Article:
In terms of underlying technology, both cameras are build around CMOS sensors.
With 46.7MP, the S1R offers a higher resolution than the D2Xs (12.2MP), but the S1R has smaller individual pixels (pixel pitch of 4.30μm versus 5.52μm for the D2Xs). Yet, the S1R is a much more recent model (by 12 years and 8 months) than the D2Xs, and its sensor will have benefitted from technological advances during this time that enhance the light gathering capacity of its pixel-units. Coming back to sensor resolution, it should be mentioned that the S1R has no anti-alias filter installed, so that it can capture all the detail its sensor resolves.
The resolution advantage of the Panasonic S1R implies greater flexibility for cropping images or the possibility to print larger pictures. The maximum print size of the S1R for good quality output (200 dots per inch) amounts to 41.8 x 27.9 inches or 106.3 x 70.9 cm, for very good quality (250 dpi) 33.5 x 22.3 inches or 85 x 56.7 cm, and for excellent quality (300 dpi) 27.9 x 18.6 inches or 70.8 x 47.3 cm. The corresponding values for the Nikon D2Xs are 21.4 x 14.2 inches or 54.5 x 36.2 cm for good quality, 17.2 x 11.4 inches or 43.6 x 28.9 cm for very good quality, and 14.3 x 9.5 inches or 36.3 x 24.1 cm for excellent quality prints.
Unlike the D2Xs, the S1R has the capacity to capture high quality composite images (187MP) by combining multiple shots after shifting its sensor by miniscule distances. This multi-shot, pixel-shift mode is most suitable for photography of stationary objects (landscapes, studio scenes).
The Nikon D2Xs has a native sensitivity range from ISO 100 to ISO 800, which can be extended to ISO 800-3200. The corresponding ISO settings for the Panasonic Lumix DC-S1R are ISO 100 to ISO 25600, with the possibility to increase the ISO range to 50-51200.
Since 2007, DXO Mark has published sensor performance measurements that have been derived using a consistent methodology. This service is based on lab testing and assigns an overall score to each camera sensor, as well as ratings for dynamic range ("DXO Landscape"), color depth ("DXO Portrait"), and low-light sensitivity ("DXO Sports"). Of the two cameras under consideration, the S1R offers substantially better image quality than the D2Xs (overall score 41 points higher). The advantage is based on 4.2 bits higher color depth, 3.2 EV in additional dynamic range, and 2.8 stops in additional low light sensitivity. The adjacent table reports on the physical sensor characteristics and the outcomes of the DXO sensor quality tests for a sample of comparator-cameras.
| DXO |
|2.||Panasonic S1R||Full Frame||46.7||8368||5584||4K/60p||26.4||14.1||3525||100|
|3.||Canon R5||Full Frame||44.8||8192||5464||8k/30p||25.3||14.6||3042||95|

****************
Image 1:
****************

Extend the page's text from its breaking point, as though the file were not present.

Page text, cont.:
|4.||Canon 1D Mark III||APS-H||10.1||3888||2592||none||22.7||11.7||1078||71|
|5.||Leica SL2||Full Frame||46.7||8368||5584||4K/60p||..||..||..||..|
|6.||Nikon Z7||Full Frame||45.4||8256||5504||4K/30p||26.3||14.6||2668||99|
|8.||Nikon D3||Full Frame||12.1||4256||2832||none||23.5||12.2||2290||81|
|16.||Panasonic S1||Full Frame||24.0||6000||4000||4K/60p||25.2||14.5||3333||95|
|17.||Panasonic S1H||Full Frame||24.0||6000||4000||6K/30p||..||..||..||..|
Many modern cameras are not only capable of taking still images, but can also record movies. The S1R indeed provides for movie recording, while the D2Xs does not. The highest resolution format that the S1R can use is 4K/60p.
Apart from body and sensor, cameras can and do differ across a range of features. For example, the S1R has an electronic viewfinder (5760k dots), while the D2Xs has an optical one. Both systems have their advantages, with the electronic viewfinder making it possible to project supplementary shooting information into the framing view, whereas the optical viewfinder offers lag-free viewing and a very clear framing image. The viewfinders of both cameras offer the same field of view (100%), but the viewfinder of the S1R has a higher magnification than the one of the D2Xs (0.78x vs 0.57x), so that the size of the image transmitted appears closer to the size seen with the naked human eye. The table below summarizes some of the other core capabilities of the Nikon D2Xs and Panasonic S1R in connection with corresponding information for a sample of similar cameras.
|4.||Canon 1D Mark III||optical||Y||3.0||230||fixed||n||1/8000s||10.0||n||n|
One differentiating feature between the two cameras concerns the touch sensitivity of the rear screen. The S1R has a touchscreen, while the D2Xs has a conventional panel. Touch control can be particularly helpful, for example, for setting the focus point.
The reported shutter speed information refers to the use of the mechanical shutter. Yet, some cameras only have an electronic shutter, while others have an electronic shutter in addition to a mechanical one. In fact, the S1R is one of those camera that have an additional electronic shutter, which makes completely silent shooting possible. However, this mode is less suitable for photographing moving objects (risk of rolling shutter) or shooting under artificial light sources (risk of flickering).
The Panasonic S1R has an intervalometer built-in. This enables the photographer to capture time lapse sequences, such as flower blooming, a sunset or moon rise, without purchasing an external camera trigger and related software.
The D2Xs writes its imaging data to Compact Flash cards, while the S1R uses SDHC or XQD cards. The S1R features dual card slots, which can be very useful in case a memory card fails. In contrast, the D2Xs only has one slot.